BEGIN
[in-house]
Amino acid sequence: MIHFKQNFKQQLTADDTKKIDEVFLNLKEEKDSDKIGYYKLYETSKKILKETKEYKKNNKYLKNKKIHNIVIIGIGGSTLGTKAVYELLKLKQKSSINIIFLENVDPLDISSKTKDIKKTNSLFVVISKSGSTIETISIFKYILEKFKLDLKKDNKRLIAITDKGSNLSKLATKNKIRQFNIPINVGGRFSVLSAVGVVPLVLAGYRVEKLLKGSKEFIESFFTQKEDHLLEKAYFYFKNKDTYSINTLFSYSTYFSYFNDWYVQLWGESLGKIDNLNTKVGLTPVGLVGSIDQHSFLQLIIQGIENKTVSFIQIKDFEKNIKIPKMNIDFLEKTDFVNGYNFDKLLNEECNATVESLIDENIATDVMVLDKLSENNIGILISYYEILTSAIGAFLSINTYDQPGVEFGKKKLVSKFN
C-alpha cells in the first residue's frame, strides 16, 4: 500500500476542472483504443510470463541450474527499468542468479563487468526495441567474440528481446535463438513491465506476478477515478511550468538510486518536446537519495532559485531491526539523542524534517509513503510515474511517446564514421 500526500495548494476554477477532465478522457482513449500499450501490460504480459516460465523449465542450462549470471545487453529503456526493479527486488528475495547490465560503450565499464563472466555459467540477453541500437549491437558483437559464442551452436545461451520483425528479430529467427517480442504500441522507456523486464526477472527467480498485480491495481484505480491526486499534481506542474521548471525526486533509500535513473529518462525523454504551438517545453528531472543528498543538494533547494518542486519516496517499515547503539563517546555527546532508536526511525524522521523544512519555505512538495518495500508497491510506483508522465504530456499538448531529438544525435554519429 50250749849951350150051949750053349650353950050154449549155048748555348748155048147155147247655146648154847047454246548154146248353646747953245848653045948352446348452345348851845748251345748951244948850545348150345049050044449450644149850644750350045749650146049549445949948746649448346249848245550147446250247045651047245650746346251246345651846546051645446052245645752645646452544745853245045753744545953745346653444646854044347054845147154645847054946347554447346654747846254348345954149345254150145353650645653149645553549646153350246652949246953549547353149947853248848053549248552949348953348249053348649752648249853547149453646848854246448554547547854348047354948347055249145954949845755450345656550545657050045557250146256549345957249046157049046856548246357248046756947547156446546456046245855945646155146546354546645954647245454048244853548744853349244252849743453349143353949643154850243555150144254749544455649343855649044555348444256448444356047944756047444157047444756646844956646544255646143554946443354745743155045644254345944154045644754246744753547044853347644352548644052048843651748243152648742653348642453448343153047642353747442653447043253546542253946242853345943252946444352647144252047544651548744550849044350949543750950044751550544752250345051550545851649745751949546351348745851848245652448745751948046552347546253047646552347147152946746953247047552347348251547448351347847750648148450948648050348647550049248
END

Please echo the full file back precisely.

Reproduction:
[in-house]
Amino acid sequence: MIHFKQNFKQQLTADDTKKIDEVFLNLKEEKDSDKIGYYKLYETSKKILKETKEYKKNNKYLKNKKIHNIVIIGIGGSTLGTKAVYELLKLKQKSSINIIFLENVDPLDISSKTKDIKKTNSLFVVISKSGSTIETISIFKYILEKFKLDLKKDNKRLIAITDKGSNLSKLATKNKIRQFNIPINVGGRFSVLSAVGVVPLVLAGYRVEKLLKGSKEFIESFFTQKEDHLLEKAYFYFKNKDTYSINTLFSYSTYFSYFNDWYVQLWGESLGKIDNLNTKVGLTPVGLVGSIDQHSFLQLIIQGIENKTVSFIQIKDFEKNIKIPKMNIDFLEKTDFVNGYNFDKLLNEECNATVESLIDENIATDVMVLDKLSENNIGILISYYEILTSAIGAFLSINTYDQPGVEFGKKKLVSKFN
C-alpha cells in the first residue's frame, strides 16, 4: 500500500476542472483504443510470463541450474527499468542468479563487468526495441567474440528481446535463438513491465506476478477515478511550468538510486518536446537519495532559485531491526539523542524534517509513503510515474511517446564514421 500526500495548494476554477477532465478522457482513449500499450501490460504480459516460465523449465542450462549470471545487453529503456526493479527486488528475495547490465560503450565499464563472466555459467540477453541500437549491437558483437559464442551452436545461451520483425528479430529467427517480442504500441522507456523486464526477472527467480498485480491495481484505480491526486499534481506542474521548471525526486533509500535513473529518462525523454504551438517545453528531472543528498543538494533547494518542486519516496517499515547503539563517546555527546532508536526511525524522521523544512519555505512538495518495500508497491510506483508522465504530456499538448531529438544525435554519429 50250749849951350150051949750053349650353950050154449549155048748555348748155048147155147247655146648154847047454246548154146248353646747953245848653045948352446348452345348851845748251345748951244948850545348150345049050044449450644149850644750350045749650146049549445949948746649448346249848245550147446250247045651047245650746346251246345651846546051645446052245645752645646452544745853245045753744545953745346653444646854044347054845147154645847054946347554447346654747846254348345954149345254150145353650645653149645553549646153350246652949246953549547353149947853248848053549248552949348953348249053348649752648249853547149453646848854246448554547547854348047354948347055249145954949845755450345656550545657050045557250146256549345957249046157049046856548246357248046756947547156446546456046245855945646155146546354546645954647245454048244853548744853349244252849743453349143353949643154850243555150144254749544455649343855649044555348444256448444356047944756047444157047444756646844956646544255646143554946443354745743155045644254345944154045644754246744753547044853347644352548644052048843651748243152648742653348642453448343153047642353747442653447043253546542253946242853345943252946444352647144252047544651548744550849044350949543750950044751550544752250345051550545851649745751949546351348745851848245652448745751948046552347546253047646552347147152946746953247047552347348251547448351347847750648148450948648050348647550049248